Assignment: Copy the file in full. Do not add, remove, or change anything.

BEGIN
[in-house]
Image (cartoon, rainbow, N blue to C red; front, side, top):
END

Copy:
[in-house]
Image (cartoon, rainbow, N blue to C red; front, side, top):